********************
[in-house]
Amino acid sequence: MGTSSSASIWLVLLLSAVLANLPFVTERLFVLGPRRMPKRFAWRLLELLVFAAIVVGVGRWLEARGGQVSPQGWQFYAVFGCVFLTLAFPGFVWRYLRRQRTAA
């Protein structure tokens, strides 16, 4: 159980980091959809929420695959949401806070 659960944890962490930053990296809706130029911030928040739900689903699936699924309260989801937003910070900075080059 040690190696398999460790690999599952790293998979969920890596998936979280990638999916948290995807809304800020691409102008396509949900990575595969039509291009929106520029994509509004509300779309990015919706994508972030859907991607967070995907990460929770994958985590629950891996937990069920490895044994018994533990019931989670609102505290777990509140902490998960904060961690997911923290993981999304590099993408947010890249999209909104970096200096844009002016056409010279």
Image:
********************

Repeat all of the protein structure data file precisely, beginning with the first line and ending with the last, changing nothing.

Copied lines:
[in-house]
Amino acid sequence: MGTSSSASIWLVLLLSAVLANLPFVTERLFVLGPRRMPKRFAWRLLELLVFAAIVVGVGRWLEARGGQVSPQGWQFYAVFGCVFLTLAFPGFVWRYLRRQRTAA
């Protein structure tokens, strides 16, 4: 159980980091959809929420695959949401806070 659960944890962490930053990296809706130029911030928040739900689903699936699924309260989801937003910070900075080059 040690190696398999460790690999599952790293998979969920890596998936979280990638999916948290995807809304800020691409102008396509949900990575595969039509291009929106520029994509509004509300779309990015919706994508972030859907991607967070995907990460929770994958985590629950891996937990069920490895044994018994533990019931989670609102505290777990509140902490998960904060961690997911923290993981999304590099993408947010890249999209909104970096200096844009002016056409010279």
Image: